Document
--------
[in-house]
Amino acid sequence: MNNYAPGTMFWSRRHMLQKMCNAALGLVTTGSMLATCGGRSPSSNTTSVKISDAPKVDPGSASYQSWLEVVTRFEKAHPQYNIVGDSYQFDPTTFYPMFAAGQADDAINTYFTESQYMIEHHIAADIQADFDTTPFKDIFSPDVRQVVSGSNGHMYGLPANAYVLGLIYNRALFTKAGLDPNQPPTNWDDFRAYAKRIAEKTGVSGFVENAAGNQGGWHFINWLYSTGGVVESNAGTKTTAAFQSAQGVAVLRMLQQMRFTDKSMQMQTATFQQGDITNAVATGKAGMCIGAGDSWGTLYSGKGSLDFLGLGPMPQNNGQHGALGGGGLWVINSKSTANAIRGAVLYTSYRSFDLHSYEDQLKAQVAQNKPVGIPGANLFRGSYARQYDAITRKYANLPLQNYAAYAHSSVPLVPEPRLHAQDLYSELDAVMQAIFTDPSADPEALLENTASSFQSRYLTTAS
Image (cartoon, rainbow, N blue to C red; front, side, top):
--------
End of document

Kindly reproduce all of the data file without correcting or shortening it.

[in-house]
Amino acid sequence: MNNYAPGTMFWSRRHMLQKMCNAALGLVTTGSMLATCGGRSPSSNTTSVKISDAPKVDPGSASYQSWLEVVTRFEKAHPQYNIVGDSYQFDPTTFYPMFAAGQADDAINTYFTESQYMIEHHIAADIQADFDTTPFKDIFSPDVRQVVSGSNGHMYGLPANAYVLGLIYNRALFTKAGLDPNQPPTNWDDFRAYAKRIAEKTGVSGFVENAAGNQGGWHFINWLYSTGGVVESNAGTKTTAAFQSAQGVAVLRMLQQMRFTDKSMQMQTATFQQGDITNAVATGKAGMCIGAGDSWGTLYSGKGSLDFLGLGPMPQNNGQHGALGGGGLWVINSKSTANAIRGAVLYTSYRSFDLHSYEDQLKAQVAQNKPVGIPGANLFRGSYARQYDAITRKYANLPLQNYAAYAHSSVPLVPEPRLHAQDLYSELDAVMQAIFTDPSADPEALLENTASSFQSRYLTTAS
Image (cartoon, rainbow, N blue to C red; front, side, top):